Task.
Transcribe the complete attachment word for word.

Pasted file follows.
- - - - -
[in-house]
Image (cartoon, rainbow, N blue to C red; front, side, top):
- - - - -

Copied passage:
[in-house]
Image (cartoon, rainbow, N blue to C red; front, side, top):